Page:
/McDonalds joins Beyond Meat bandwagon with Canada tests

McDonalds joins Beyond Meat bandwagon with Canada tests

(Reuters) – McDonald’s Corp (MCD.N) will test a new “plant, lettuce and tomato” sandwich using Beyond Meat’s (BYND.O) patties in some restaurants in Canada next week, following major rivals’ bets on the growing popularity of plant-based alternative meat.

FILE PHOTO: The logo of a McDonald’s Corp restaurant is seen in Los Angeles, California, U.S. October 24, 2017. REUTERS/Lucy Nicholson

The world’s largest burger chain joins Tim Hortons, KFC and Dunkin’ Brands in moving ahead with versions of a plant-based addition to their menus using Beyond Meat’s patties.

Shares of Beyond Meat, which have roughly tripled in value since the company’s listing on the stock market in May, surged 17% in early trading, while those of McDonald’s were up marginally.

The new PLT sandwich, which the company said was without artificial colors, flavors or preservatives, will be priced at C$6.49 plus tax and will be sold in 28 restaurants in southwestern Ontario, Canada from Monday.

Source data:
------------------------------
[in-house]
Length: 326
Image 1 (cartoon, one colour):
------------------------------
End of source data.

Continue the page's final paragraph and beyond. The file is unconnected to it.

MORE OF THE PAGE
Beyond Meat, one of the pioneers of plant-based meat substitutes, is competing fiercely with Silicon Valley-based Impossible Foods for dominance of the plant-based meat market, which Barclays analysts say is expected to explode, growing to an estimated $140 billion over the next 10 years.

McDonald’s already sells vegan burgers in some European countries. It joined hands with Nestle to launch the “Big Vegan TS” plant-based burger in Germany and “The Big Vegan” burger in Israel. It also offers the “McVegan” burger in Sweden.

“A lot of people have been asking McDonald’s if they are going to do this. I do think to offer the consumer another option is nice, but again, it remains to be seen on what the uptake is,” said Brian Yarbrough, an analyst with Edward Jones.

Yarbrough pointed to Tim Horton’s, owned by Canada’s Restaurant Brands International <QSR.TO, which recently pulled back its own Beyond Meat plant-based burger offering this month, citing the better demand for real beef burgers.

McDonald’s said the 12-week test would allow it learn more about real-world implications of serving the PLT, including customer demand and impact on restaurant operations.

Separately, Nestle on Thursday launched its “Awesome” vegan burger patties in the United States. The company already sells vegan burgers in several European countries under the Garden Gourmet brand.

Reporting by Siddharth Cavale and Nivedita Balu in Bengaluru; editing by Patrick Graham

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